Tuesday, June 19, 2012

Cub's First Campout


Last weekend we took Cub on his first camping trip.  We went north to Deception Pass on Whidby Island.  The campground was beautiful and well kept, it reminded us a lot of Ponderosa State Park in McCall, ID.  

After setting up camp, we explore the beach.  The boys could have spent hours throwing rocks into the water and scrambling up and down larger rocks in the water.  

That night after roasting s'mores over the fire, we wiped the boys' sticky faces and fingers and got them ready for bed.  We laid them down in the tent in their own sleeping bags.  For Cub, it was too much freedom.  There was no crib to hold him back, so he started rolling and jumping and going crazy inside that tent.  We let it go on for 15 minutes, hoping it would die down.  Finally, I went in the tent, and laid down with the boys.  T Bear fell asleep instantly, but Cub still was rolling and tossing around.  WE brought him out in the dark by the campfire.  Big D held him in his arms and he soon fell asleep.

The night went well, but we awoke to rain.  It just kept raining and raining.  Our camping trip ended a little shorter than we planned.  We went went home and went and happy.  Cub did a great job at his first time camping, I think we will take him again soon!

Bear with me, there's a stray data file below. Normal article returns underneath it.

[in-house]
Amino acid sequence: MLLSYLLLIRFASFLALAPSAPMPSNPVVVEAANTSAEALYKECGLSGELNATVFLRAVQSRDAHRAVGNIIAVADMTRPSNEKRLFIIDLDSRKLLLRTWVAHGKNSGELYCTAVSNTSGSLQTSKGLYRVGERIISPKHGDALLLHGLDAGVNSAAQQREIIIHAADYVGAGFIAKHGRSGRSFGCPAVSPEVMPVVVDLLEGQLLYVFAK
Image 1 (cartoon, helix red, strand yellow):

-Miss T

Monday, June 18, 2012

Japanese Tabemono


Ok, yes, I am still posting about my Japan trip.  At this point, it is for record keeping since it is really old news now.

Today is about the food in Japan - D-E-L-I-C-I-O-U-S

Of course we had some sushi in a cute little shop around the corner from the LDS Temple.  Big D dipped everything in wasabi and I just stuck with the regular soy sauce.  Check out Miga using her chopsticks!

One day we ate a delicious kind of donburi which has rice at the bottom with a meat and vegetable sweet sauce and then an egg cracked over the top.  

We also ate Gyudon a couple of times.  Big D liked this because it is basically a bowl of meat with rice at the bottom.  You can order it in about 10 different sizes and super huge is the size Big D ordered.  I enjoyed ordering a soft cooked egg and mixing it in with the meat.  For some reason I am not afraid of eating raw eggs in Japan.

We loved eating at the curry shops.  Japanese curry is not liked Indian curry, but it is still delicious.  Luckily for all of us, Japan allows you to eat your curry and rice with a big spoon.  Our only complaint was that the water glasses were too small.  We had to constantly refill them.  At a couple of the places they only served Mugicha - a tea that tastes like to dirt to me.  Poppa, Btown and Big D did not think it was that bad tasting, but it was.